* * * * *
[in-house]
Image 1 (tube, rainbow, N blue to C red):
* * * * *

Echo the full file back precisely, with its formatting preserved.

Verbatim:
[in-house]
Image 1 (tube, rainbow, N blue to C red):